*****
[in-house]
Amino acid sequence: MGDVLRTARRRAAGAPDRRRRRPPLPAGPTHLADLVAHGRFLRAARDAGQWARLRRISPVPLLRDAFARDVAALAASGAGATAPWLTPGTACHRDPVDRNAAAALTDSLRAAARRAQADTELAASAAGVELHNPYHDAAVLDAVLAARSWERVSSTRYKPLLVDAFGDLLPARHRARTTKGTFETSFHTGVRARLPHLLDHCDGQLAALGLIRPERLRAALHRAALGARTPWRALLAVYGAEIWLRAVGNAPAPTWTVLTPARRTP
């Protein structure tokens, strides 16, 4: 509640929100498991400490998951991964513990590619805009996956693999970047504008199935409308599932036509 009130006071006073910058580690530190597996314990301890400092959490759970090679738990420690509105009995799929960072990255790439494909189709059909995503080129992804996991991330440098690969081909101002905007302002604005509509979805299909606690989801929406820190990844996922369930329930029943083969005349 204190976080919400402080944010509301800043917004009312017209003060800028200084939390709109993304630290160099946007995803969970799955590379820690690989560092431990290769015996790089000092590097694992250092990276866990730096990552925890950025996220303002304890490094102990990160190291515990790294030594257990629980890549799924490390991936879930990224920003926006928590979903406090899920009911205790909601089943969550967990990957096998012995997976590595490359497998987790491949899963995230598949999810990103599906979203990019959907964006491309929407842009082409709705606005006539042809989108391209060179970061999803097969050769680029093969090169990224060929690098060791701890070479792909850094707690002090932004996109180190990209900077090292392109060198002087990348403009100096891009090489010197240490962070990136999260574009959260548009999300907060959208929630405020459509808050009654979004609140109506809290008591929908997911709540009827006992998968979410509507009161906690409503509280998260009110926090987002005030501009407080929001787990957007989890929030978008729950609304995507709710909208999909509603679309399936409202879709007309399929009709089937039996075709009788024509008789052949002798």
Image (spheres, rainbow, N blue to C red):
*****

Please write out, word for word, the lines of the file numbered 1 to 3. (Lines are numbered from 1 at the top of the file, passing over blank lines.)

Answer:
[in-house]
Amino acid sequence: MGDVLRTARRRAAGAPDRRRRRPPLPAGPTHLADLVAHGRFLRAARDAGQWARLRRISPVPLLRDAFARDVAALAASGAGATAPWLTPGTACHRDPVDRNAAAALTDSLRAAARRAQADTELAASAAGVELHNPYHDAAVLDAVLAARSWERVSSTRYKPLLVDAFGDLLPARHRARTTKGTFETSFHTGVRARLPHLLDHCDGQLAALGLIRPERLRAALHRAALGARTPWRALLAVYGAEIWLRAVGNAPAPTWTVLTPARRTP
């Protein structure tokens, strides 16, 4: 509640929100498991400490998951991964513990590619805009996956693999970047504008199935409308599932036509 009130006071006073910058580690530190597996314990301890400092959490759970090679738990420690509105009995799929960072990255790439494909189709059909995503080129992804996991991330440098690969081909101002905007302002604005509509979805299909606690989801929406820190990844996922369930329930029943083969005349 204190976080919400402080944010509301800043917004009312017209003060800028200084939390709109993304630290160099946007995803969970799955590379820690690989560092431990290769015996790089000092590097694992250092990276866990730096990552925890950025996220303002304890490094102990990160190291515990790294030594257990629980890549799924490390991936879930990224920003926006928590979903406090899920009911205790909601089943969550967990990957096998012995997976590595490359497998987790491949899963995230598949999810990103599906979203990019959907964006491309929407842009082409709705606005006539042809989108391209060179970061999803097969050769680029093969090169990224060929690098060791701890070479792909850094707690002090932004996109180190990209900077090292392109060198002087990348403009100096891009090489010197240490962070990136999260574009959260548009999300907060959208929630405020459509808050009654979004609140109506809290008591929908997911709540009827006992998968979410509507009161906690409503509280998260009110926090987002005030501009407080929001787990957007989890929030978008729950609304995507709710909208999909509603679309399936409202879709007309399929009709089937039996075709009788024509008789052949002798």